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Easing of Lockdown Restrictions – Are You Feeling Anxious?

 

Summer is almost here and lockdown is being lifted, again – I should be overjoyed but why am I anxious?

Throughout the past year, we have all been going through the same storm in different boats. Whether it was full lockdown, half of a lockdown, tier 1/2/5 or 10 (it was hard to keep up!), this year has changed all of our lives massively.

Maybe you found it easy to transition, or maybe you did not find it as easy as others did; either way, another major shift is on the way. For others, this may be the news they’ve been waiting for all year, but for some, it may bring up even more reasons to feel anxious. If you are feeling a bit apprehensive about things, you can rest assured that you’re not the only one.

Many of us have been used to working from home and may be apprehensive about returning to the office; some may be anxious about commencing their duties after a year of furlough. There’s also the social aspect of things, particularly because we haven’t seen our family and friends in a long time; you might be inundated with invitations; remember, it’s perfectly acceptable to say no!

Whether the transition in your life is big or small, it will have an effect on your mental health – it is important that you take action to ensure you are looking after yourself through these times. Here are a few small things to consider:

Take things slowly

There is no one-size-fits-all solution to this problem. It’s all up to you to set your own limits and take things at your own pace. Remember that everybody is going to be feeling differently, so approach yourself with the same respect and empathy that you will with a loved one.

There is no doubt that you may have noticed a lack of confidence as you have been interacting less with others and spending more time alone during lockdown. It’s important to remember that you do not have to feel guilty for declining invitations if you feel too overwhelmed, your confidence will need some time to build back up.

Small modifications are often easier to handle than large ones, so don’t be afraid to start small. Meet a friend in a small coffee shop or their garden, for example, to get used to the surroundings before moving to larger venues such as restaurants and meeting larger groups of people.

Self-care

It’s critical to take some time and check-in with yourself, evaluate how you’re feeling without judgement, and embrace your emotions as they are. It’s ok not to be ok.

It’s especially important to look after your physical wellbeing if you’re feeling anxious or low. So, remember to eat regularly and stay hydrated, it’s critical to keep a balanced diet to maintain energy levels. Be as active as you can, for example, cleaning your home, dancing to music, going up and down the stairs, online exercise workouts etc. Releasing feel-good endorphins and other natural brain chemicals can enhance your sense of well-being.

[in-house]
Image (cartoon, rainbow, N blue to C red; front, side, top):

Lastly, try and get a good enough sleep! If you can, wake up and go to bed at regular times each day with some tech-free time before going to sleep. If you often have trouble sleeping or often still feel tired after sleeping, talk with your doctor.

Plan ahead

If you are feeling anxious about heading out back into normality, make sure you have a clear plan to help your confidence. For example, choosing specific times during the day when you know it will be quieter can help with anxiety about mixing with large groups of people.

If you want to visit friends and family, perhaps discuss any measures you will follow beforehand to make sure everyone agrees and ease any worries. For example, will you wear masks? Will you keep 2 metres apart?

Reach out

Remember, if you’re having trouble, don’t keep it to yourself. Speak to somebody about how you are feeling – chances are, many others are in the same boat as you and would prefer to speak to those who are experiencing similar emotions.

If you’re feeling particularly low and finding it difficult to reach out to loved ones, mental health support services such as the NHS, Samaritans, Head Space, Papyrus and C.A.L.M amongst many others can offer additional support in confidence.

Further tips for managing anxiety and clearing your head can be found at our ‘’H.O.P.E’’ workshop that can be found here. This online course consists of 6 weekly sessions (2 hrs each session) that focuses on you as a person, and not as a long-term condition. It helps you to discover new strengths and rediscover old ones to keep yourself well. It also aims to boost your self-confidence and resilience, to help you cope better emotionally, psychologically and practically with your condition.

Though it may seem daunting at first, we hope you’ll be able to enjoy lockdown easing whether that be a long-awaited reunion with family and friends, a trip to your local shops or just taking some comfort in the return of some normality after a very difficult year.

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